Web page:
Update mars 19
It seems to me that the U.S. financial system, and even the world financial system, have to be profoundly reformed, if they are to serve the real economy, rather than the contrary. If such a reform does not come about, however, I am afraid that we have entered a period of economic difficulties that may last many, many years. In fact, I think that the world economy stands today at the hedge of a large precipice.
What type of reform? First and for all, the packaging of different debts in impossible to untangle CDOs should be outlawed. These products are financial time-bombs waiting to explode for the real economy, not only in the United States, but around the world. Second, CDS insurance products should be issued only against insurable securities and not issued as casino chips in values much larger than the value of the insured securities (i.e. no so-called naked CDSs). In order words, the entire innovation of securitization finance has to be reviewed and reigned in before it does further damage. These two reforms could be implemented immediately if politicians really understood the problems or if they were not in the banks' pockets.
However, if the U.S. Congress feels that this is too big a problem to tackle on its own, for different reasons, my third recommendation would be for the Obama administration and the EU to call for an international finance conference, preferably a G-20 conference, to have coordinated actions and have legislation implemented to that effect.
So far, the steps taken to study the problem and to reform the system have been slow in coming and very timid. For example, House Speaker Nancy Pelosi intends to create a congressional panel (rather than an outside commission of inquiry) to investigate the causes of the US 2007-09 financial crisis. This would seem to me to be an inadequate and insufficient response to a crisis of this magnitude and severity.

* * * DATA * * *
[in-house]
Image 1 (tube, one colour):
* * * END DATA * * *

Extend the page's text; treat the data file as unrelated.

Fourth, for the longer run, and regarding the toxic financial products that precipitated the crisis, one wonders why new medication pills or drugs have to be approved by the U.S. Food and Drug Administration (FDA) in order to make sure that they do not hurt the human body, while no similar requirements of the sort exist for new financial products to make sure that they are not going to be very harmful to the real economy.
There seems to be two different standards applied here. I personally think that there is a need for a Financial Products Administration (FPA) in order to make sure that possibly toxic financial products are not made available to the public before having been fully tested for their absence of toxicity. It should be mandatory that risky financial products be tested and approved before being sold to the public.
And fifth and last, as to deposit-taking banks and investment banks, I happen to believe that the Glass-Steagall act should be brought back in full. It was a wise and prudent law that stabilized financial markets for three quarters of a century. Its near complete elimination in 1999 opened the floodgates of irresponsible financial gambling that nearly brought down the demise of the entire U.S. economy. I do not think the contemplated “Volcker rule” to prevent banks from operating their own hedge funds goes far enough, considering the magnitude of the problem.
—I was amazed when the Glass-Steagal act was de facto repealed in 1999, and I am still amazed that the very economist who was most instrumental in that repeal is currently President Obama's principal economic adviser (Larry Summers).
—As a general principle, it should be reaffirmed that finance is there to serve the needs of the real economy, and not the reverse.
—Finally, I would say that in economics, as in medicine, it is never too late to do the right thing. But if you don't, the disease may become progressively worse and it may become irreversible. I think that is where we stand today regarding the necessity to reform the financial system.